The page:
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Ethics in the eye of the storm
Keep your live coverage error-free


Queens, N.Y., Nov. 1, 2012 — FEMA Community Relations (CR) team members moved through Breezy Point and Rockaway, NY, after Hurricane Sandy. The CR members talked with disaster survivors about FEMA assistance and assessed the situation on the ground. Photo by Walt Jennings/FEMA


by Megan Fromm

When Hurricane Sandy hit the United States early last week, citizens turned to Twitter for a constant stream of information.  The hashtag #Sandy provided hundreds of live perspectives each minute, including photos of the impending storm and subsequent devastation.

For those covering the story live, the storm spawned an entirely new lexicon of descriptors (“Frankenstorm” among the most widely-used) and created an ethical dilemma all-too-common in today’s instant media environment: How to sort the fact from the fiction?

Even today, a week out from the storm’s landfall, fake images from New York and New Jersey are still making the rounds on social and professional media outlets.

Would your students know which photos were real, and which were fake? Have your students take this quiz, and then use the following information to further consider the importance of verifying information as it is shared in real-time.

This Atlantic article is among the best sources we found for updating Sandy images as they are verified (or debunked) and is a great starting point for a larger discussion with your journalism students and scholastic journalists:

• Did your students retweet or repost any of these images?  Which ones?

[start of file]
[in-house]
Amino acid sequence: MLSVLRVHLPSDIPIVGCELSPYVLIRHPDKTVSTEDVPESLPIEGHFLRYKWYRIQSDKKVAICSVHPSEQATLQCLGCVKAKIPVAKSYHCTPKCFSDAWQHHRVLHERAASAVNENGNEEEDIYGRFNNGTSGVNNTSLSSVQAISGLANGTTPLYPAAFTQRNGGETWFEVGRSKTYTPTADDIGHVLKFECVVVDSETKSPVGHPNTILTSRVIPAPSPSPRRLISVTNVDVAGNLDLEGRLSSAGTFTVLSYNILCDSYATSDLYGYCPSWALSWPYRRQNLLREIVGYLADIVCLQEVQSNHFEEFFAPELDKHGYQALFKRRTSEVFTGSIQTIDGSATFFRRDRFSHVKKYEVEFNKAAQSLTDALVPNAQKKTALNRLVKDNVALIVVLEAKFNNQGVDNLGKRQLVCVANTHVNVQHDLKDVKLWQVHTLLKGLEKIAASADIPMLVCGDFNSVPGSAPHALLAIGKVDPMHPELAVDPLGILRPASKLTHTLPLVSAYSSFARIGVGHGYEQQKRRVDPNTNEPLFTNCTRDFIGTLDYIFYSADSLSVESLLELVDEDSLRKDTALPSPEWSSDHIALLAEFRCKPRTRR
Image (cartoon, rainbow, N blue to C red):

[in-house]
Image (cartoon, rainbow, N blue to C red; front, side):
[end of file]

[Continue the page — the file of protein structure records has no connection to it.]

• How many followed the Hurricane Sandy hashtag?  Did they make any attempts to verify the information they were receiving? Why/why not?

While Hurricane Sandy has provided fodder for a national debate about the reliability of social media, these concerns should also be explored at your school, with both digital and print student journalists.

• How can your students verify information received through social media?

• How can your students tell a fake photo or student prank from a real, newsworthy image?

After significant staff discussion, consider creating a step-by-step policy for verifying information from social media, including Twitter, Facebook, email, and text messages.  If your staff covers news live via Twitter, Facebook, or a news website, how can they ensure accuracy? How can they alert readers about potential verification issues?

Make this policy a part of your staff manual, and train editors to hold each other accountable for adhering to it.

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*Editor’s note: This is part of a continuing series of rotating columns by commission members to appear Wednesdays. Megan Fromm will present best practices for teaching ethics; Jeff Kocur will discuss common problems student leaders and advisers face and how to overcome them; Candace Perkins Bowen will examine journalistic ties to teaching issues, like Common Core standards; Mark Goodman will write about current events and impact on law as it affects scholastic media and Marina Hendricks will address ethical issues and online journalism.

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